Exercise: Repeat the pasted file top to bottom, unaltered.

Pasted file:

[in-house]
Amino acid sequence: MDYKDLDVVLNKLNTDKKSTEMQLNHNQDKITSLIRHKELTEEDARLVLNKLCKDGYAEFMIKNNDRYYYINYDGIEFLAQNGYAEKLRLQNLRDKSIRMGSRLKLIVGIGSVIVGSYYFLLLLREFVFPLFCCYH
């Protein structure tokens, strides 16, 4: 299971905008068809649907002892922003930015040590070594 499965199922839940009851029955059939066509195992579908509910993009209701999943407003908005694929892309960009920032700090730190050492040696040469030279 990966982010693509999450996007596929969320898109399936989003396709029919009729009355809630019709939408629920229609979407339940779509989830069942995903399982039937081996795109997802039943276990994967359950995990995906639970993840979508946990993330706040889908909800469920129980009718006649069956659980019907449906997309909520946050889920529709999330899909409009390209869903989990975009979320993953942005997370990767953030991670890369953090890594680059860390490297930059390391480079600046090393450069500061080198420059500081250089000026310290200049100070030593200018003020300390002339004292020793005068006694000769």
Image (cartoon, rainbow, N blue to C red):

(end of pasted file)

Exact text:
[in-house]
Amino acid sequence: MDYKDLDVVLNKLNTDKKSTEMQLNHNQDKITSLIRHKELTEEDARLVLNKLCKDGYAEFMIKNNDRYYYINYDGIEFLAQNGYAEKLRLQNLRDKSIRMGSRLKLIVGIGSVIVGSYYFLLLLREFVFPLFCCYH
């Protein structure tokens, strides 16, 4: 299971905008068809649907002892922003930015040590070594 499965199922839940009851029955059939066509195992579908509910993009209701999943407003908005694929892309960009920032700090730190050492040696040469030279 990966982010693509999450996007596929969320898109399936989003396709029919009729009355809630019709939408629920229609979407339940779509989830069942995903399982039937081996795109997802039943276990994967359950995990995906639970993840979508946990993330706040889908909800469920129980009718006649069956659980019907449906997309909520946050889920529709999330899909409009390209869903989990975009979320993953942005997370990767953030991670890369953090890594680059860390490297930059390391480079600046090393450069500061080198420059500081250089000026310290200049100070030593200018003020300390002339004292020793005068006694000769």
Image (cartoon, rainbow, N blue to C red):